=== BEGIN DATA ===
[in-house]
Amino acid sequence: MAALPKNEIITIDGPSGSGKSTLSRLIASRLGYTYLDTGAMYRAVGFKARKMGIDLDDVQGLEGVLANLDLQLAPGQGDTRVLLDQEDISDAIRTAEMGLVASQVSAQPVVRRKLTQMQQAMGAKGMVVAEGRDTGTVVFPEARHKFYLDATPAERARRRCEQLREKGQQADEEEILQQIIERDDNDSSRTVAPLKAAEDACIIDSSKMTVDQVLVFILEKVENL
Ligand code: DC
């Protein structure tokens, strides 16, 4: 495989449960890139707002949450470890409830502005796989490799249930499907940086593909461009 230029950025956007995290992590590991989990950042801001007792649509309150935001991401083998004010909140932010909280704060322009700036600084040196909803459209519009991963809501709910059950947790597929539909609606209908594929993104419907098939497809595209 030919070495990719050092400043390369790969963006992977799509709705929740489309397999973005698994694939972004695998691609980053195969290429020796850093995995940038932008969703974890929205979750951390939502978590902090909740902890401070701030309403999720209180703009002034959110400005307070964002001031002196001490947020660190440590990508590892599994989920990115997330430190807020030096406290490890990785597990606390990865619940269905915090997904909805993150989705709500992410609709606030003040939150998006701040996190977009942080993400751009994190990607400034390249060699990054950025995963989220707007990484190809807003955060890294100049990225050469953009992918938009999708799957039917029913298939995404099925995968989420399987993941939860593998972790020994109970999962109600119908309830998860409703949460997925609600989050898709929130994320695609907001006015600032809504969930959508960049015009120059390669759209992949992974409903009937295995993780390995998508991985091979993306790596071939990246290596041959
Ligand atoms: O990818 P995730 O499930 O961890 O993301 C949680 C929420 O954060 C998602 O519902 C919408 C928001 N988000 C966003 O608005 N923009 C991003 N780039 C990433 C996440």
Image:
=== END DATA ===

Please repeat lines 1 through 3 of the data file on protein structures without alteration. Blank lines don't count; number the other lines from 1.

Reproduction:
[in-house]
Amino acid sequence: MAALPKNEIITIDGPSGSGKSTLSRLIASRLGYTYLDTGAMYRAVGFKARKMGIDLDDVQGLEGVLANLDLQLAPGQGDTRVLLDQEDISDAIRTAEMGLVASQVSAQPVVRRKLTQMQQAMGAKGMVVAEGRDTGTVVFPEARHKFYLDATPAERARRRCEQLREKGQQADEEEILQQIIERDDNDSSRTVAPLKAAEDACIIDSSKMTVDQVLVFILEKVENL
Ligand code: DC